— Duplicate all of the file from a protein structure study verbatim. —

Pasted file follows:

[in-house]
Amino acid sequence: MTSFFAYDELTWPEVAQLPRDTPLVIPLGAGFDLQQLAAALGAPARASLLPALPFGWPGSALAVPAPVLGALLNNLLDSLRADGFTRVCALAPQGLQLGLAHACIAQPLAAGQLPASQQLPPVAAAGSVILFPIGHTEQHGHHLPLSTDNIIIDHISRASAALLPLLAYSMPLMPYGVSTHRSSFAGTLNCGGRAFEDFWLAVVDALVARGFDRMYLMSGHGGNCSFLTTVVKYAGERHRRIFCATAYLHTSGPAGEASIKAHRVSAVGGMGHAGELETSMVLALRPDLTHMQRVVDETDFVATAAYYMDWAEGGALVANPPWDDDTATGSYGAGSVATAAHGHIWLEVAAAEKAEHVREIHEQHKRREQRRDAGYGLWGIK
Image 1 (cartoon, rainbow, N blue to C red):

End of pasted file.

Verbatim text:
[in-house]
Amino acid sequence: MTSFFAYDELTWPEVAQLPRDTPLVIPLGAGFDLQQLAAALGAPARASLLPALPFGWPGSALAVPAPVLGALLNNLLDSLRADGFTRVCALAPQGLQLGLAHACIAQPLAAGQLPASQQLPPVAAAGSVILFPIGHTEQHGHHLPLSTDNIIIDHISRASAALLPLLAYSMPLMPYGVSTHRSSFAGTLNCGGRAFEDFWLAVVDALVARGFDRMYLMSGHGGNCSFLTTVVKYAGERHRRIFCATAYLHTSGPAGEASIKAHRVSAVGGMGHAGELETSMVLALRPDLTHMQRVVDETDFVATAAYYMDWAEGGALVANPPWDDDTATGSYGAGSVATAAHGHIWLEVAAAEKAEHVREIHEQHKRREQRRDAGYGLWGIK
Image 1 (cartoon, rainbow, N blue to C red):